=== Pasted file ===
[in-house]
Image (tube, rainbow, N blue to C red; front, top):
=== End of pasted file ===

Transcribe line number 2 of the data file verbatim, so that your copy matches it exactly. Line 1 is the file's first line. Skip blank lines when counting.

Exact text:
Image (tube, rainbow, N blue to C red; front, top):